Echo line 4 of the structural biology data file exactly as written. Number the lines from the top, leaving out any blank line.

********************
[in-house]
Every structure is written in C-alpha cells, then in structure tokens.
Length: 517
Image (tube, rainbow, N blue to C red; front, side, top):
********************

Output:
Image (tube, rainbow, N blue to C red; front, side, top):